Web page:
Legendary director Joel Schumacher died today at the age of eighty after a one year battle with cancer.
A highly respected auteur who directed such acting heavyweights as Joaquin Phoenix, Colin Farrell and Julia Roberts, Schumacher began his career in Hollywood inauspiciously as a well-regarded costume designer, working with the likes of Woody Allen before moving on to sit behind the camera.
Schumacher hit the ground running early in his directorial career by helming the so-called Brat Pack in the mid-80s touchstone, St. Elmo’s Fire before moving on to Santa Carla, California and a whole passel of young and good looking vampires in the Warner Brothers hit movie, The Lost Boys. Although populated by the extreme acting chops of such heavy-hitters as Dianne Wiest, Barnard Hughes, Edward Hermann and Jason Patrick, the real legacy of Schumacher’s sophomore effort might very well be the introduction of the Double Threat acting team of Corey Haim and Corey Feldman, respectively known in the annals of pop culture history as The Two Coreys. With Schumacher’s talent and reputation in getting brilliant and witty performances from just about everyone he worked with, he mined and lucratively introduced those two towering icons of the 1980s who would go on to make a succession of films together, sadly none with Mr. Schumacher himself.
As a fan of his films, I followed his trajectory from one project to the next and, years before I knew about his beginnings as a costume designer, suspected via the flashy and moody palette ingrained in his films that his still waters ran quite deep indeed. The punk rock pop colors of something like Lost Boys playing off the moody and gothic vibe he masterfully orchestrated in 1990’s Flatliners were a late 80s/early 90s cocktail par excellence, and belayed his origins in the industry.
Joel Schumacher was a director with versatility and range and the unerring ability to transform his style of direction for whatever his next project called for. Case in point might very well be his steady hand on the underseen 8mm. Starring Nicolas Cage as a gumshoe set with the task of tracking down a missing girl, the story goes to some very dark places, yet the director’s hand never wavers and steadfastly guides his viewers through a 90s tinged noir, made all the more remarkable for the fact that this was the same man who delivered the popcorn candy cherry apple turnover that was Batman and Robin.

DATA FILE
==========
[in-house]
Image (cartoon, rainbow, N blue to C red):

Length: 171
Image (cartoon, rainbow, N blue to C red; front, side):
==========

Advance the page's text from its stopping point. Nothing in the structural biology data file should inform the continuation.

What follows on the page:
And speaking of that seminal film which landed with a resounding thud back in 1997: Schumacher faced the late 20th century variation of the Wilmington Insurrection upon delivery of what most fans of the comic book film genre deem as one of the worst examples of a film-comic book marriage. I’m speaking in very soft terms, of course, about the aforementioned Batman and Robin and I do not bring this up to point out a fallacy in the man’s filmography, but rather offer it up as an example of how irrelevant our past can be if we just rise above the din of noise and push forward with being our best selves. That bit of New Age mumbo jumbo has been brought to you by the amazing filmatic achievement that was Schumacher’s 2000 endeavor, Tigerland and which proved that his dive into the spandex crowd was a blip, a precursor to better times and better film.
In one hour and forty one minutes, Joel Schumacher set the world on notice about not only a new acting talent by the name of Colin Farrell, but a brilliant little film he directed with the catchy title of Tigerland. If ever there were a question of range in relation to Mr. Schumacher, this put the button on any argument. The man had talent and class.
And now Joel Schumacher belongs to the Ages. As a film fan I had taken for granted for so very long his mere presence. It was a no-brainer in my meager little world view that, like clockwork, every year or two there would be a new and intriguing Joel Schumacher film to catch at the local Cineplex. His death diminishes the world of cinema and it diminishes us as fans and students of the moving image.
Perhaps the last words for this hastily scrawled obit belong to the film that really broke Mr. Schumacher wide as a director, 1987’s The Lost Boys. Screenwriters Janice Fischer, Jeffrey Boam and James Jeremias eloquently and unwittingly summed up the appeal of the legendary maestro thusly:
“Oh, they’re just young. We were that age, too, once. But they dress better.”